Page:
Barriers such as missing phone numbers, lack of privacy and poor internet connection adversely affected medical care for some groups, says Dr Latifa Patel
Samantha Wathen is the Press and Media Officer for Keep Our NHS Public.
An NHS doctor has described how access to medical appointments during the pandemic particularly disadvantaged certain societal groups at campaigning organisation Keep Our NHS Public’s People’s Covid Inquiry.
Dr Latifa Patel, who is BMA Deputy Chair of the representative body, but speaking in a personal capacity, said virtual appointments ‘almost discriminated against’ minority ethnic groups and those on low incomes at the session on May 5.
She said: “Where we couldn’t get hold of mobile phone numbers, these patients were being prematurely discharged. We know that those on low incomes change their mobile number more often.
“Appointments are meant to be private. Patients were making appointments in cars and in toilets. Not everyone could afford the space in their homes to attend consultations or isolate from their families.
“Space is a privilege. The whole motto ‘Hands, Face, Space’ was a privilege.”
Dr Patel also explained how there were further barriers which impeded some patients from BME backgrounds and those in receipt of low incomes from accessing medical care as patients required a good internet connection and some needed access to translation services ‘so communication itself was wholly unacceptable.’
Session six, entitled Inequalities and Discrimination, examined the differential impact of Covid and the pandemic on BAME people. Even prior to the pandemic there was strong evidence that racism, unequal education, job and economic opportunities, housing and access to healthcare has affected the health of people in BAME communities unequally.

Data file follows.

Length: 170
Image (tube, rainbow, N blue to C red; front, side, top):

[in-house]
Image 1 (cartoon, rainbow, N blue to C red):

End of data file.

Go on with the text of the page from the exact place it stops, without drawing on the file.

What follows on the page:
The Covid pandemic and the role of key workers who carried on working, who could not work at home, and who kept the transport, health, and other services going, compounded all of these issues for BAME people and were reflected in the illness and death rate.
A host of leading academics, celebrities, campaigning groups and unions together with frontline workers and members of the public, are participating in Keep Our NHS Public’s inquiry into government actions during the pandemic in an attempt to learn lessons from the events surrounding this time.
In the absence of an arranged formal public investigation, campaigners believe that the time for a Covid inquiry is now, in order to analyse why this country has suffered over 100,000 deaths, and what lessons should be learned to inform future decision and policy making.
The three remaining sessions will take place every other week until June and focus on different topics relevant to the pandemic.
The People’s Covid Inquiry will culminate in a report with conclusions and a set of recommendations which will be presented to the government. Testimony gathered will provide the basis for evidence-based recommendations on the provision of health and social care in the UK, including the future funding and organisation of the NHS. Sessions are free to access and open to all.
Aliya Yule from the campaign group Migrants Organise, also gave her expert testimony on how BAME groups had been disproportionately affected. Yule said she believed migrants were scapegoated by the government for a lack of available public services and pressure on those services, and that in her opinion charging migrants for medical care was a pre-cursor to experiment with how charging for healthcare generally would be received by the public at large.
Yule also spoke about a person that had died of Covid at home and received no medical care as a result of being too afraid to access the NHS due to fears over his possible deportation.
She said this was a real concern over very unwell people accessing treatment. Even though treatment for Covid would have been available at no charge, other conditions, if identified, would be subject to required payment, and the rules make migrants generally both confused and fearful.
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